Oximetry devices emitting light at 5 wavelengths may reduce interference from bilirubin and thus improve regional tissue oxygen saturation (rSO2) readings in infants and children with hyperbilirubinemia.

This could prove helpful when treating children with Alagille syndrome (ALGS), whose serum bilirubin values are up to 30 times normal levels.

“The results of this prospective study in children undergoing LDLT [living donor liver transplantation] show that medical conditions inducing hyperbilirubinemia significantly reduce rSO2 values measured by the INVOS 5100 C that only uses 2 wavelengths (of which one corresponds to the absorption peak of conjugated bilirubin) as compared to the ForeSight Elite monitor using 5 wavelengths,” the authors wrote in Pediatric Anesthesia.

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The results showed that rSO2 readings were different in the 2 devices at all time points. The analyses of cerebral and somatic rSO2 readings between the 2 devices had a mean absolute bias of 21.73% and a 95% limits of agreement of 19.52%.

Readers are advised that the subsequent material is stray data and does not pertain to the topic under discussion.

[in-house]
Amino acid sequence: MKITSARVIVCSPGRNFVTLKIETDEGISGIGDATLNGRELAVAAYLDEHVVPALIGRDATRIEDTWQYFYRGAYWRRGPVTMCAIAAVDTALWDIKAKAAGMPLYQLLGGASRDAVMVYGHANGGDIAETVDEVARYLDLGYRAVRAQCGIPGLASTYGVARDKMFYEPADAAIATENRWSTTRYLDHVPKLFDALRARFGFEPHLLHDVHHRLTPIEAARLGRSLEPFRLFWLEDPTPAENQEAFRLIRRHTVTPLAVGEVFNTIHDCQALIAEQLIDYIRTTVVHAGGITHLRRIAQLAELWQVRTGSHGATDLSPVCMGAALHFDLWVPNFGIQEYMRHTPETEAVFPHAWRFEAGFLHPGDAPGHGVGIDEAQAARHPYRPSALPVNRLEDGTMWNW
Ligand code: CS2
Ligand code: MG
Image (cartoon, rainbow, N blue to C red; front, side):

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Moreover, the application of a linear mixed effects model to the data revealed a statistically significant difference in cerebral rSO2 readings in terms of time, device, and total bilirubin concentrations. Similarly, it showed a statistically significant difference in somatic rSO2 readings regarding the device and total bilirubin concentrations.

In contrast, hemoglobin values, pulse oximetry oxygen saturation, and arterial partial pressure of CO2 did not interfere with cerebral or somatic rSO2 readings.

The study enrolled 33 patients (median age, 27 months) undergoing living donor liver transplantation. Two patients were diagnosed with ALGS, whereas most (66.7%) had biliary atresia. The authors measured cerebral and somatic rSO2 at baseline, at the beginning of the dissection phase, at the beginning of the anhepatic phase, at the reperfusion phase, and at skin closure.


Magasich-Airola NP, Momeni M, Sanchez Torres C, et al. Regional oxygen saturation measured by two different oximetry monitors in infants and children undergoing living donor liver transplantation with bilirubin measurements: a prospective observational study. Pediatr Anesth. Published online November 5, 2022. doi:https://doi.org/10.1111/pan.14597